E6: US-A-2 925 724.

III. The appellant (patentee) lodged an appeal, received at the EPO on 3 August 2001, against this decision and simultaneously paid the appeal fee. The statement setting out the grounds of appeal was received at the EPO on 9 October 2001.

IV. In a communication accompanying the summons for oral proceedings pursuant to Article 11(1) Rules of Procedure of the boards of appeal the Board expressed the preliminary opinion that for the question of sufficiency of disclosure it was necessary to establish whether the skilled person could find without undue burden a manner of operating the knitting machine in order to obtain the stationary configuration referred to in the method claims. Considering the issue of inventive step document

E1: GB-A-2 038 376,

rather than E6, would appear to represent the closest prior art because it showed a sinker arrangement suitable for producing terry knitwork.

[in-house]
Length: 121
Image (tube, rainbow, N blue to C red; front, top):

V. Oral proceedings, at the end of which the decision of the Board was announced, took place on 13 May 2004.

The appellant requested that the decision under appeal be set aside and that the patent be maintained on the basis of claims 1 to 10 and columns 1 to 5 of the description as filed during the oral proceedings, and Figures A, B and 1 to 6 as granted. In support of its arguments, the appellant filed document:

D1: pages 52 to 55 of the book "Knitting Technology", by D.J. Spencer, Pergamon Press, 1989

The respondent (opponent) requested that the appeal be dismissed.

VI. Claims 1, 5 and 7 filed during oral proceedings read as follows: